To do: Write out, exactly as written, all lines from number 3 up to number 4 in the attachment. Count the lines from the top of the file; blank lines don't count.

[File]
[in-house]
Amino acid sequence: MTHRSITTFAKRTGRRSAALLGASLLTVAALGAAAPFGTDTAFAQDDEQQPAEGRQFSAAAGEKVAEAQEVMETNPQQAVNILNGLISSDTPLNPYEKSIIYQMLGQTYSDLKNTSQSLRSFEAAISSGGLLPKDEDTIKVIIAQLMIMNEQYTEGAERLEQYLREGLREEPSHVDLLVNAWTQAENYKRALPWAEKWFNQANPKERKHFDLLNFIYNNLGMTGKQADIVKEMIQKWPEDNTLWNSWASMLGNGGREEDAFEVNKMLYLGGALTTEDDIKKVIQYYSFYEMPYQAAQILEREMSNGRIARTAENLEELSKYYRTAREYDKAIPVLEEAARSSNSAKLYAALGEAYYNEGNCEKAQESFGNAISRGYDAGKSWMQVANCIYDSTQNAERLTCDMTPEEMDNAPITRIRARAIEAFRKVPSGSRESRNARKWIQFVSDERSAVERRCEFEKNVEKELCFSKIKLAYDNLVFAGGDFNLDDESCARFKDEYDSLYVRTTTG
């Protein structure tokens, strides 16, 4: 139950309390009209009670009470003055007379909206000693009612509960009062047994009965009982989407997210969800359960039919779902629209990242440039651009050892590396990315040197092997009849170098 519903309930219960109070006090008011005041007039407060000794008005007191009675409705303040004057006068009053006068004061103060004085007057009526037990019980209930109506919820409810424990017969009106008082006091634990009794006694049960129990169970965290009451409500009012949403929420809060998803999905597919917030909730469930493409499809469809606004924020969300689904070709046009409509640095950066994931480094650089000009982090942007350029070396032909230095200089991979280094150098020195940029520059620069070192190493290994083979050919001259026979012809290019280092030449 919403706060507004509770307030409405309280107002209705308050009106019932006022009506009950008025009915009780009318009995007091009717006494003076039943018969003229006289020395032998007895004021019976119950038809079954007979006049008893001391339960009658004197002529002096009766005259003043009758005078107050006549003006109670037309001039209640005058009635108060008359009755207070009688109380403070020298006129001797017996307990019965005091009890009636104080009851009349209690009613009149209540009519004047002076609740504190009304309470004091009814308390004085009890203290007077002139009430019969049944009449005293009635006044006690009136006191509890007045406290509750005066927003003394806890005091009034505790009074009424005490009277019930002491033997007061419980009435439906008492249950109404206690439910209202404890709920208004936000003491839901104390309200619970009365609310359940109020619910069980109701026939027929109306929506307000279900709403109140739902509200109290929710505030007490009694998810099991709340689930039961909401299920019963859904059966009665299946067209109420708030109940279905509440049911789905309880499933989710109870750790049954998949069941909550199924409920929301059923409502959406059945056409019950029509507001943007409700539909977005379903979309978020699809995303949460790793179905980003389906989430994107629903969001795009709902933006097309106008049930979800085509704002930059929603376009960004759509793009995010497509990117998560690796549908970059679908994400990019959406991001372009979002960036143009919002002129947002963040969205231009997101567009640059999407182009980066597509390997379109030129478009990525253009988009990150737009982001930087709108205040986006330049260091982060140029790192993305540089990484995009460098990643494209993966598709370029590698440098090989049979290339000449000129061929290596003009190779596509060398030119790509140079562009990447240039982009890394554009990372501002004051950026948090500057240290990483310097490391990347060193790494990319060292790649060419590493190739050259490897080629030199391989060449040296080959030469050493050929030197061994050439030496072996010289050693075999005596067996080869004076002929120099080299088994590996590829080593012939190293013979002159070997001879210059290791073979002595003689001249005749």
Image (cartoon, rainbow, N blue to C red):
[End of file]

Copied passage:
């Protein structure tokens, strides 16, 4: 139950309390009209009670009470003055007379909206000693009612509960009062047994009965009982989407997210969800359960039919779902629209990242440039651009050892590396990315040197092997009849170098 519903309930219960109070006090008011005041007039407060000794008005007191009675409705303040004057006068009053006068004061103060004085007057009526037990019980209930109506919820409810424990017969009106008082006091634990009794006694049960129990169970965290009451409500009012949403929420809060998803999905597919917030909730469930493409499809469809606004924020969300689904070709046009409509640095950066994931480094650089000009982090942007350029070396032909230095200089991979280094150098020195940029520059620069070192190493290994083979050919001259026979012809290019280092030449 919403706060507004509770307030409405309280107002209705308050009106019932006022009506009950008025009915009780009318009995007091009717006494003076039943018969003229006289020395032998007895004021019976119950038809079954007979006049008893001391339960009658004197002529002096009766005259003043009758005078107050006549003006109670037309001039209640005058009635108060008359009755207070009688109380403070020298006129001797017996307990019965005091009890009636104080009851009349209690009613009149209540009519004047002076609740504190009304309470004091009814308390004085009890203290007077002139009430019969049944009449005293009635006044006690009136006191509890007045406290509750005066927003003394806890005091009034505790009074009424005490009277019930002491033997007061419980009435439906008492249950109404206690439910209202404890709920208004936000003491839901104390309200619970009365609310359940109020619910069980109701026939027929109306929506307000279900709403109140739902509200109290929710505030007490009694998810099991709340689930039961909401299920019963859904059966009665299946067209109420708030109940279905509440049911789905309880499933989710109870750790049954998949069941909550199924409920929301059923409502959406059945056409019950029509507001943007409700539909977005379903979309978020699809995303949460790793179905980003389906989430994107629903969001795009709902933006097309106008049930979800085509704002930059929603376009960004759509793009995010497509990117998560690796549908970059679908994400990019959406991001372009979002960036143009919002002129947002963040969205231009997101567009640059999407182009980066597509390997379109030129478009990525253009988009990150737009982001930087709108205040986006330049260091982060140029790192993305540089990484995009460098990643494209993966598709370029590698440098090989049979290339000449000129061929290596003009190779596509060398030119790509140079562009990447240039982009890394554009990372501002004051950026948090500057240290990483310097490391990347060193790494990319060292790649060419590493190739050259490897080629030199391989060449040296080959030469050493050929030197061994050439030496072996010289050693075999005596067996080869004076002929120099080299088994590996590829080593012939190293013979002159070997001879210059290791073979002595003689001249005749």
Image (cartoon, rainbow, N blue to C red):